A famed Leonardo da Vinci painting stolen from Poland by the Nazis and only returned after the end of the six-year conflict, has gone on display in Germany for the first time since the Second World War.
Da Vinci’s treasured 15th century painting “Lady with an Ermine,” a work that first arrived in Poland around 1800, shows a young woman holding a white ermine – otherwise known as a stoat or short-tailed weasel – and headlines a major exhibition of Renaissance art to open today at Berlin’s Bode Museum.
Along with the Mona Lisa, the work is one of just four paintings of women by the Italian Renaissance master.
In 1939, almost immediately after the German occupation of Poland, the work was seized by the Nazis and sent to the Kaiser Friedrich Museum in Berlin.
In 1940 Hans Frank, the Governor General of Poland, requested that it be returned to Kraków, where it hung in his suite of offices. At the end of World War II, “Lady with an Ermine” was discovered by Allied troops in Frank’s country home in Bavaria.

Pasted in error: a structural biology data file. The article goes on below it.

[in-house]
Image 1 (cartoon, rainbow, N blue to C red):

It was returned to Poland and is now housed at the Czartoryski Museum in Kraków.
The culture ministry in Warsaw was initially hostile to the idea of the painting on wood leaving the country, fearing it could be damaged, according to Agence-France Presse.
“But a personal appeal by its owner, Polish aristocrat Prince Adam Karol Czartoryski, convinced the ministry to allow it to go on display in Madrid earlier this year, then Berlin and later London,” the wire service added.
The German press called the loan a gesture of “reconciliation” between Poland and Germany.
Around 1800, the Czartoryski family acquired the 21 x 15 inch portrait painted by da Vinci between 1488 and 1490.
The work is believed to depict Cecilia Gallerani, the mistress of an Italian nobleman, Ludovico Sforza, the Duke of Milan and the son of one of da Vinci’s patrons.
At the time of her portrait, Cecilia was about 16. She was one of a large family, neither rich nor noble. Her father served for a time at the Duke’s court. Cecilia was renowned for her beauty, her scholarship, and her poetry, according to art historians Barbara Fabjan and Pietro C. Marani.
She was betrothed at the age of about 10 to a young nobleman of the house of Visconti but the marriage was called off. Cecilia became the mistress of the Duke and bore him a son, but he chose to marry a girl from a nobler family, Beatrice d’Este.
In 1492, she married count Ludovico Carminati de Brambilla. Cecilia gave birth to four children and died in 1536.
(Above: “Lady with an Ermine,” by Leonardo da Vinci ca. 1488-90, Czartoryski Museum, Kraków.)
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